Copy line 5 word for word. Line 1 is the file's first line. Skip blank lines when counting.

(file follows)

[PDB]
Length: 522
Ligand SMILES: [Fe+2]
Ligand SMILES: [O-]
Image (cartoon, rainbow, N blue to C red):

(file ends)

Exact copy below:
Image (cartoon, rainbow, N blue to C red):